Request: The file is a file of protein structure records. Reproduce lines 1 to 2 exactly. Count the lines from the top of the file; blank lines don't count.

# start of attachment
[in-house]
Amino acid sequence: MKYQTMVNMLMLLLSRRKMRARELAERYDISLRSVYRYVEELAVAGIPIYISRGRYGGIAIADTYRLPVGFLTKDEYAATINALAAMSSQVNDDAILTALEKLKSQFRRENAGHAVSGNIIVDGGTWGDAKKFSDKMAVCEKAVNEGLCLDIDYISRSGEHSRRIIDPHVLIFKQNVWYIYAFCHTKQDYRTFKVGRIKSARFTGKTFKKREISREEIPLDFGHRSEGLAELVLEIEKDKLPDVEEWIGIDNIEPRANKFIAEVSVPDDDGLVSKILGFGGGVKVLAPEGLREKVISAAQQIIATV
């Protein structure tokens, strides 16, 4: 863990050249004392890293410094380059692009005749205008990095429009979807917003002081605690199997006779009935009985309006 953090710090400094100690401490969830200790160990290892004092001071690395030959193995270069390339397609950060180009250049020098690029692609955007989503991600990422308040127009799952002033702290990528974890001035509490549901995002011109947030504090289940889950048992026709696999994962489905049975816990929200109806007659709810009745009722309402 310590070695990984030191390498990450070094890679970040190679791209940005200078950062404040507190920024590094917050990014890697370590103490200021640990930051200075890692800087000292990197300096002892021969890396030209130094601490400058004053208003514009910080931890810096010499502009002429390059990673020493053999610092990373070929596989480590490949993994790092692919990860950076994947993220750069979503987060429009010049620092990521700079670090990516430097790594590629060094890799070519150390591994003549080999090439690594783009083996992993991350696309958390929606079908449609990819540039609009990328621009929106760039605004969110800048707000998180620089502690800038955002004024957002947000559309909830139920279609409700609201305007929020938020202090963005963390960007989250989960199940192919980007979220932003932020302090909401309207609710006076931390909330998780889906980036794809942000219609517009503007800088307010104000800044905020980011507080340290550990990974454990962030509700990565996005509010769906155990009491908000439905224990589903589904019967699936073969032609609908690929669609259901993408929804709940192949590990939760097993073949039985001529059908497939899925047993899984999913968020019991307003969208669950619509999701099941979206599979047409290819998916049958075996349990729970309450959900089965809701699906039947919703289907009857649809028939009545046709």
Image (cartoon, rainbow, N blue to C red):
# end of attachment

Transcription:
[in-house]
Amino acid sequence: MKYQTMVNMLMLLLSRRKMRARELAERYDISLRSVYRYVEELAVAGIPIYISRGRYGGIAIADTYRLPVGFLTKDEYAATINALAAMSSQVNDDAILTALEKLKSQFRRENAGHAVSGNIIVDGGTWGDAKKFSDKMAVCEKAVNEGLCLDIDYISRSGEHSRRIIDPHVLIFKQNVWYIYAFCHTKQDYRTFKVGRIKSARFTGKTFKKREISREEIPLDFGHRSEGLAELVLEIEKDKLPDVEEWIGIDNIEPRANKFIAEVSVPDDDGLVSKILGFGGGVKVLAPEGLREKVISAAQQIIATV